In the world of meteorology, we spend a lot of time focusing on what is going on near the ground. What goes on above the ground, however, can be just as important if not more important than what is going on near the ground. It is not uncommon for there to be differences in model data near the ground, but upper-level differences are less common. Large upper-level differences often mean big problems when getting a forecast together.
A prime example of how upper-level differences affect the forecast comes later this week and early next week. Meteorologists often look about 18,000 feet above the ground for disturbances and areas of low pressure; later this week, we find little consensus on where a developing area of low pressure will go in the week ahead.
This morning’s GFS model run suggests this developing area of low pressure will be centered over southeast Arkansas Sunday afternoon (Cincinnati is labeled with a dot, and the area of low pressure is in green to our south):
Last night’s GFS model run, however, says that same area of low pressure will be over the Mississippi Valley Sunday afternoon:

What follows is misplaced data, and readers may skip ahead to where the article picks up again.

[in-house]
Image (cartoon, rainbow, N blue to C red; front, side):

Upper-level low uncertainties continue into early next week. This morning’s GFS model suggests this upper-level low will be to our east by next Tuesday evening:
Last night’s GFS model also has this model to our east by next Tuesday evening, but it is much weaker (which could affect rain chances):
Which run of the GFS should a meteorologist believe? Maybe this morning’s ECMWF model will help us decide; it puts the area of low pressure over Iowa Sunday afternoon:
This morning’s ECMWF model has that same upper-level low nearing Toronto by Tuesday evening:
Clearly, there are some large discrepancies regarding where this upper-level wave is headed. For now, we are forecasting little to no rain in the Ohio Valley Tuesday, Wednesday, and Thursday and an increasing chance for rain late Friday through the weekend. At this point, it looks like the best chance for rain and thunderstorms will be Monday, but that is highly uncertain given the forecast path (or lack thereof) of low pressure 18,000 feet above the ground.
Stay tuned for a changing forecast in the week ahead!